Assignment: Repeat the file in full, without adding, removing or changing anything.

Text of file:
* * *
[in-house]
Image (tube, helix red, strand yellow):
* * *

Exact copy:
[in-house]
Image (tube, helix red, strand yellow):